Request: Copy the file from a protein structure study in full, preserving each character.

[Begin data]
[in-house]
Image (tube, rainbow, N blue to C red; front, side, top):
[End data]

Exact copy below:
[in-house]
Image (tube, rainbow, N blue to C red; front, side, top):